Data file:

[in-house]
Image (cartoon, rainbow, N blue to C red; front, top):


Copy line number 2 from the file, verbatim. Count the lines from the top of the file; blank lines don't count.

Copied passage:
Image (cartoon, rainbow, N blue to C red; front, top):